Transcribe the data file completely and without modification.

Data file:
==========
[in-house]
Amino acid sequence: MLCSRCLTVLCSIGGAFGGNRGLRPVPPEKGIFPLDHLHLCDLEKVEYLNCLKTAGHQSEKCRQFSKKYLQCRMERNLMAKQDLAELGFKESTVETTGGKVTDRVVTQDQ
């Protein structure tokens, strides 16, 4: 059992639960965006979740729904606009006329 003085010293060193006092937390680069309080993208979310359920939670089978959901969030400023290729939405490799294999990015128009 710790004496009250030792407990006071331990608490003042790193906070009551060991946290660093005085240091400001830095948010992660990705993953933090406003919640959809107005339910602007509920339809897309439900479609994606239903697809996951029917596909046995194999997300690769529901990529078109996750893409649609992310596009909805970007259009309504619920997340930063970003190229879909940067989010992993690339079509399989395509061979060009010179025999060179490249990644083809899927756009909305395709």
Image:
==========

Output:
[in-house]
Amino acid sequence: MLCSRCLTVLCSIGGAFGGNRGLRPVPPEKGIFPLDHLHLCDLEKVEYLNCLKTAGHQSEKCRQFSKKYLQCRMERNLMAKQDLAELGFKESTVETTGGKVTDRVVTQDQ
């Protein structure tokens, strides 16, 4: 059992639960965006979740729904606009006329 003085010293060193006092937390680069309080993208979310359920939670089978959901969030400023290729939405490799294999990015128009 710790004496009250030792407990006071331990608490003042790193906070009551060991946290660093005085240091400001830095948010992660990705993953933090406003919640959809107005339910602007509920339809897309439900479609994606239903697809996951029917596909046995194999997300690769529901990529078109996750893409649609992310596009909805970007259009309504619920997340930063970003190229879909940067989010992993690339079509399989395509061979060009010179025999060179490249990644083809899927756009909305395709």
Image: